The length of the suckling period was the most important factor with regard to M. hyopneumoniae infection in nursery pigs in our model. In longitudinal studies it was shown that the prevalence of M. hyopneumoniae infections increases during the suckling period in both sows [22] and suckling pigs [38]. Taking this into account the reason for the success of ‘segregated early weaning’ in order to create pig populations free of M. hyopneumoniae [39] becomes apparent. Especially during the first days post-partum the likelihood of transmitting the pathogen from sows to their offspring seems to be very low, whereas there is an exponential increase of the chance towards the end of the three to five week period of suckling. Subsequently there is no further transmission between piglets, since infected piglets are now in the incubation period. Thus, the number of nursery pigs infected is mainly driven by infection through their dams.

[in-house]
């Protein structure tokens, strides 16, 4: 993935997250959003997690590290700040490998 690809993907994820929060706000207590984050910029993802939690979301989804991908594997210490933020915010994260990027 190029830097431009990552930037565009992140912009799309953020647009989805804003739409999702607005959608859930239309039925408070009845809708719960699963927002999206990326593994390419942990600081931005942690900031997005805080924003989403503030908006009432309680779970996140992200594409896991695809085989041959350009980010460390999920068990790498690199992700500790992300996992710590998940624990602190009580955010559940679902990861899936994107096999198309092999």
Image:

Considering the overall impact on the disease, the all-in-all-out principle is the most important measure for preventing the transmission of M. hyopneumoniae in closed pig herds. The importance of separating age groups has been described numerous times [2, 3, 40]. The feedback, i.e. increasing infection pressure, was modelled as a random contact between the oldest finishing pigs and a group of growing pigs at any point in time during their production stage. On the particular day of contact, the likelihood for the growing pigs to become exposed (i.e. force of infection) was not only influenced by the number of growing pigs in Ia and Ic, but also by the number of fattening pigs in Ia and Ic. The effect of these scenario characteristics is long term, significantly higher than the short-term effect among the first batch of growing pigs. This could explain, why after reaching a steady state of ‘high transmission rates followed by acute and chronic infectiousness followed by high transmission in the next contact batch there is such a huge impact of the break achieved by the all-in-all-out risk management approach. These findings appear to be biologically sound and consistent with observations made for other pathogens, giving confidence in the model structure and its outputs [17, 18].